Just goes to show. We are all doomed if the government still doesn't understand that patents destroy innovation.
I was going to say it will all end in tears, but I think I'm too late - all hope has already ended.
So patents now the new forests in Scotland accountancy special
Why do I read about new get out of paying tax clauses alot more than any paying extra tax ones when it comes to non-individuals of the World.
Profit is profit, income is income and tax is tax. I pay the same tax for every penny I earn as others do as well. How many patents are solely attributed to individuals and in no way related to a company. This is just not going to float my boat.
Bottom line patents messed up, I mean you can file a UK patent, get it approved, and some USA company can see it - copy it and get a USA patent just because they were first to file in that country and there wonderfiul new law encouraging such stealing of idea's.
What is the UK goverment doing about that - heh!
Just as the software industry is doing its best to persuade people that the patent system is in desperate need of reform and, ideally, disposal (my preference would be a much stronger copyright system that can extend to, for example, copyrighting drugs - I speak as someone with a friend in the UK patent office, and I'd rather see him out of a job than see this mess continue) the government decides to promote the things. I generally try to ignore any talk of how out-of-touch the government-of-the-day may be, because there's always someone who'll feel that way, but this is ridiculous.
For some reason the patent mess, especially in the software industry, still doesn't seem to have hit the mass media. I was banging my head on the window when Radio 4's "Unreliable Evidence" did a thing on patents and made *one* throw-away remark to the possibility that more than one person might come up with the same idea, "possibly in engineering" (followed by laughter about how unlikely that was) in a half-hour programme.
I'm off to seethe.
Lots of uninformed speculation here...
The new law (for a fluffy summary, read http://www.hm-treasury.gov.uk/d/condoc_responses_patent_box.pdf) specifically avoids trolls by having eligibility requirements that go beyond passively holding IP.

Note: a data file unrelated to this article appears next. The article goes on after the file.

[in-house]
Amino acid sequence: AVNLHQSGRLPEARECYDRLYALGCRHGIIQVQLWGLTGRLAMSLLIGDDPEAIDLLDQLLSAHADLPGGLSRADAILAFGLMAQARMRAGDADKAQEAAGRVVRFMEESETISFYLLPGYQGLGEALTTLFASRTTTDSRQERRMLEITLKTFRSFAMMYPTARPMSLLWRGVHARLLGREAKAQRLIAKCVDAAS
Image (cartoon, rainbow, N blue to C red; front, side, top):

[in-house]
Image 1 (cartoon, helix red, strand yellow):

The down side though is that in practice it would only knock 1-2% off any normal corporation's tax bill because of how it's all calculated.
As for the IT angle though, by contrast it may be very helpful to any company whose primary business model is IP licensing, like ARM...
Quick - someone patent the method behind this "patent box" idea and problem solved, it can't be done!
Someone has seen how the 'merkins use patents and thinks we can catch up:
1. Award patents willy-nilly to any US company who fills in a form (e.g. NTP).
2. Make it cripplingly hard, expensive and slow to challenge a patent. Especially for a non-US company (e.g. RIM).
3. Enforce patents worldwide through the WTO.
4. Enforce patents in the US with draconian sanctions up to and including a total ban on doing business in the US.
We're a smaller country, coming from way behind in the dodgy-patent stakes, and with an economy that $bigco could afford to be locked out of while a patent was challenged, if the worst came to the worst. What could possibly go wrong with US-style economic imperialism?
So what's ARM Holdings take on it? They seem to do perfectly well with our patent system.
It's just crap companies with nothing useful that have problems.